Music, song rock inner city communities, especially in church.
Frankly, I have always been amazed and a bit perplexed by the power and enthusiasm of the music that rattles the walls of inner city churches, especially in view of all the problems and pains so many members face on a daily basis.
Poverty, racism, ill-health, violence, unresponsive political leaders, crime--the list goes on and on. So, what's there to sing about?
During the heyday of the American Civil Rights Movement, it was clear to me that the songs filling churches and meeting halls provided the marching music of moral and spiritual resolve. Powerful music reflected and fueled powerful action at a crucial time. Music was movement.
Frederick Douglass, ex-slave, abolitionist and literary genius, writes about the music of slavery in his amazing personal chronicle, Narrative of the Life of Frederick Douglass, An American Slave. What he teaches me here relates, I think, to what I hear so often on Sundays.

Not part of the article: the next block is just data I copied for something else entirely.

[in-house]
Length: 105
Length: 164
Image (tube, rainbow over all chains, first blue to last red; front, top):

"I have often been utterly astonished, since I came to the north, to find persons who could speak of the singing, among slaves, as evidence of their contentment and happiness. It is impossible to conceive of a greater mistake. Slaves sing most when they are most unhappy. The songs of the slave represent the sorrows of his heart; and he is relieved by them, only as an aching heart is relieved by its tears. At least, such is my experience. I have often sung to drown my sorrows, but seldom to express my happiness. Crying for joy, and singing for joy, were alike uncommon to me while in the jaws of slavery. The singing of a man cast away upon a desolate island might be as appropriately considered as evidence of contentment and happiness, as the singing of a slave; the songs of the one and of the other are prompted by the same emotion." (pages 26-27)
Announcement from Duke Memorial UMC
1 week ago